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Week of March 17, 2000

Week of March 17, 2000

The U.S. and China This Week

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US-CHINA RELATIONS: Daley Warns that PNTR Vote Must Take Place By June 3

SUMMARY: US Commerce Secretary William Daley, one of the Clinton Administration officials leading the initiative to gain support for passing permanent normal trade relations (PNTR) with China in Congress, warned in a March 13 speech that the legislation would not be approved if the vote does not take place by June 3. During his remarks at the conference addressing wheat growers, Daley stated that the administrationís current efforts to help secure PNTR status for China would be "dead in the water" if nothing happens by this time. The vote in Congress on PNTR, which would enact the landmark bilateral trade agreement between the United States and China and signify US endorsement of Chinaís entry into the World Trade Organization (WTO), is still unscheduled.

Daley further suggested that, "Once the annual trade relations debate begins, I think it gets markedly more difficult." Many analysts agree, claiming that the closer we get to the annual debate on renewing NTR (formerly MFN) with China and the presidential elections, the PNTR vote in Congress will become only more complicated.

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CROSS-STRAIT RELATIONS: Zhu Rongji Delivers Ultimatum to Taiwan on Election

SUMMARY: Three days before the presidential elections in Taiwan, Chinese Prime Minister Zhu Rongji delivered the latest PRC government warning to the people of Taiwan not to elect a candidate that will lead Taiwan along the path of independence from the mainland. In his statement to a group of foreign reporters at the National Peopleís Congress, Zhu warned Taiwan voters to "not just act on impulse at this juncture, which will decide the future course that China and Taiwan will follow. Otherwise Iím afraid you wonít get another opportunity to regret."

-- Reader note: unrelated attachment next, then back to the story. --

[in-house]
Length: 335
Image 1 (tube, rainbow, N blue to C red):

Like other threats made by the Chinaís government, Zhuís remarks were geared towards dissuading Taiwanese from supporting Chen Shui-bian, the presidential candidate most closely associated with an independent future for Taiwan. Zhuís warning comes after repeated declarations from Beijing, beginning with the February 21 white paper, that China will use military force to reunify Taiwan with the mainland if independence is formally declared or negotiations are indefinitely postponed.

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US-CHINA RELATIONS/TAIWAN: Cohen Sees No Sign of Attack of Taiwan by China

SUMMARY: On the eve of the second presidential elections in Taiwan, US Defense Secretary William Cohen expressed that there is no indication that China is preparing to attack the island despite the Beijingís threats of violence over the past several weeks. Since the Chinese government white paper was released on February 21, China has threatened that it will use military force to reunify Taiwan with the mainland if reunification negotiations are indefinitely postponed, independence is formally declared, or if a pro-independence candidate wins the elections.

At the news conference, Cohen stated, "We do not see any evidence of preparation for attack, any imminent attack. What we do see is a war of words." He further stated that Chinaís usage of verbal pressure rather than force, like during the elections in 1996, "showed there has been some progress." Also, Cohen noted that the United States has reiterated previous warnings to China not to use military force and that the United States does not support an independent Taiwan, but does urge a peaceful resolution to the reunification issue.

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The U.S. and China This Week
The U.S. and China This Week

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